The Winter Landscape

Snow on a pine tree.

Winter – a time of limited color, a time when the garden is totally uninteresting. Or is it? True, most of the annuals and perennials have disappeared, or aren’t putting on much of a show. But look around your neighborhood and see what grabs your attention at this time of year!

The most obvious are the coniferous evergreens. Spruces, pines, junipers, etc. – most are green but some can be gold, “blue”, or even russet in color. The various colors and textures add interest to the landscape year-round. And look at the forms! Columnar, pyramidal, rounded, flat – there is a shape and size for any space where your yard lacks winter interest.

Broad-leafed evergreens – such as Aucuba, hollies, Pieris, and Rhododendrons – bring a different texture to the landscape. Some have colorful leaves, and many of these will also brighten the other seasons with brightly colored flowers.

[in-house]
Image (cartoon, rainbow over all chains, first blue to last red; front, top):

Many deciduous trees and shrubs are more noticeable in winter, too. Twig dogwoods (Cornus varieties) are standouts in the winter landscape. Having lost their leaves, their colorful red or yellow stems are a beacon against the green of evergreens and the glistening white snow. (They are useful in arrangements, too!) The berries of winterberry hollies (Ilex verticillata), Cotoneasters, chokeberry (Aronia sp), bayberry (Myrica), Pyracantha, and Viburnums are very showy, and they offer food for the birds, too.

Last, but not least, are the fall and winter-flowering Witch Hazels (Hamamelis sp). It always surprises me to see a large shrub/small tree covered in yellow flowers in the winter! These show up best in front of evergreens.

So, make time to walk or drive your neighborhood, or visit a public garden, such as Hershey Gardens or Longwood Gardens. You might get some new ideas to make your own winter landscape more interesting!